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Two volcanic tsunami events caused by trapdoor faulting at a submerged caldera near Curtis and Cheeseman Islands in the Kermadec Arc
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  • Osamu Sandanbata,
  • Shingo Watada,
  • Kenji Satake,
  • Hiroo Kanamori,
  • Luis Rivera
Osamu Sandanbata
National Research Institute for Earth Science and Disaster Resilience

Corresponding Author:osm3@bosai.go.jp

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Shingo Watada
University of Tokyo
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Kenji Satake
University of Tokyo
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Hiroo Kanamori
Seismological Laboratory, California Institute of Technology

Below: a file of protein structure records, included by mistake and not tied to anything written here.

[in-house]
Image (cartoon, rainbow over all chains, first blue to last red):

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Luis Rivera
Université de Strasbourg
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Two unusual submarine earthquakes (Mw 5.8) occurred near volcanic islands, called Curtis and Cheeseman, in the Kermadec Arc in 2009 and 2017. Following both earthquakes, similar tsunamis with wave heights of about a meter, that are disproportionate to their moderate seismic magnitudes, were observed by coastal tide gauges. We investigate the source mechanism for both earthquakes by analyzing tsunami and seismic data of the 2017 event. Preliminary analysis of tsunami data indicates that the earthquake uplifted a submerged caldera around the islands. Source modeling using tsunami and seismic data reveals that a trapdoor faulting, involving ring-faulting and deformation of an underlying magma reservoir, occurred due to magma overpressure in the reservoir, possibly in association with caldera resurgence. The relationship between the maximum fault slip and the seismic magnitude for trapdoor faulting events found at global calderas is different from that for regular earthquakes, reflecting the peculiarity of the volcanic earthquakes.
19 Mar 2023Submitted to ESS Open Archive